Low and High Flows. Sensitivity to low flow conditions is required to identify and measure leaking valves and the normal low flow associated in day to day operations. The capability to measure very high flows is needed during system upset conditions requiring a meter that needs to measure flow accurately over an extremely wide turndown range.
Meter Calibration. This application requires the calibration of flow meters specifically for hydrocarbon composition gases and matching to actual process conditions is essential. Large Line Sizes. As pipe sizes increase, the number of effective and suitable flow meter sensing technologies decreases.
Available Straight-Run. All velocity-based flow meter technologies have pipe straight-run requirements upstream and downstream from the meter in order to achieve accurate flow measurement. These straight-run requirements may not be available in crowded production sites and process plants.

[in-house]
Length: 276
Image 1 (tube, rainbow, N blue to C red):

Limited Access. Access and re-access to piping for installation, maintenance or servicing is frequently difficult. For example, spool-piece flow meters can require prolonged process shut-downs and extensive on-site labor costs to install and continuously maintain the system as opposed to insertion style meters that can be easily inserted into or retracted out of the process through a ball valve.
Agency Approvals. When installing meters in hazardous (Ex) locations, the entire flow metering instrument should carry agency approval credentials for installation in environments with potential hazardous gases; enclosure only ratings are inadequate.
The Solution for HollyFrontier